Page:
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After CEO’s death, Xerox executive says company is sticking to strategy

Xerox acting CEO Steve Bandrowczak said Tuesday the company would stick to the strategy laid out by his predecessor John Visentin, who died June 28 of complications from an unspecified illness.

In its heyday, the Xerox brand was synonymous with office life, but the Norwalk-based company has yet to offer a breakthrough product or service for the Internet age to rival its copiers and printers, despite generating an impressive number of patents every year.

“We will honor John by continuing to execute on the four strategic initiatives he articulated,” Bandrowczak said in a conference call Tuesday morning. “The same four strategic initiatives that have guided us since 2018 – optimizing operations, driving revenue, monetizing innovation and focusing on cash flow – should drive sustainable, long-term growth.”

Bandrowczak had been chairman and chief operating officer since 2018 under Visentin, who became CEO in May of that year following a proxy battle and court stalemate sparked by activist investors Carl Icahn and Darwin Deason. .

Icahn and Deason had opposed Xerox’s board of directors’ approval of former CEO Jeff Jacobson’s deal to sell the company for $6 billion to longtime partner Fujifilm Holdings through the Fuji Xerox joint venture selling office systems in Asia.

Even as he pushed back against Fujifilm, Visentin implemented a restructuring plan called “Project Own It” to cut Xerox’s costs through job cuts, outsourcing and streamlining its operations, technology to supply. Then the COVID-19 pandemic hit, limiting the use of printers that generate part of Xerox’s revenue.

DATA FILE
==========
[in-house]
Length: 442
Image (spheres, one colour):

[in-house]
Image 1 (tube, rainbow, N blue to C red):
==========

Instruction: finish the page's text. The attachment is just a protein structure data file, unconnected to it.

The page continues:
The pandemic has also convinced Visentin to drop its pursuit of another iconic American company – HP, whose board has rejected Xerox’s repeated overtures for a mammoth merger. Visentin and Bandrowczak have worked for HP at times in their careers.

While Xerox forecasts a continued return to offices for the rest of this year, it has yet to see revenues show a post-pandemic rebound on a sustainable basis. Xerox revenue fell $46 million in the second quarter to just under $1.75 billion, and the company posted its second consecutive quarter of red ink, at $5 million in the second quarter, after losing $56 million between January and March.

After losing more than half of their value in the early months of the pandemic, Xerox shares recouped some of those losses through March 2021, only to reverse again in the meantime since. The shares were trading at $16.30 on Tuesday afternoon, up 5% from Monday’s closing price.

On Tuesday, Bandrowczak said ongoing issues with supply chains had affected Xerox sales, describing customer demand as “strong” in his own words.

But although Xerox has the ability to raise prices for some of its products and services, inflation is prompting the company to seek additional savings internally through Project Own It, which Bandrowczak took credit for on Tuesday. design. Xerox is on track to achieve more than $2.2 billion in savings under the five-year program since 2018.

Visentin had made it his mission to put Xerox on a steady upward trajectory for profits, while restoring the luster of its Xerox Palo Alto Research Center and research campus in Webster, NY.

Xerox PARC produced a series of breakthrough technologies for the personal computer era that the company did not capitalize on, to include the graphical user interface architecture that enables point-and-click functionality using of a computer mouse.

Bandrowczak highlighted the US Navy’s purchase of a Xerox PARC-developed liquid metal 3D printer called ElemX for the amphibious assault ship USS Essex, the first such device in the fleet that can produce metal components like spare parts.

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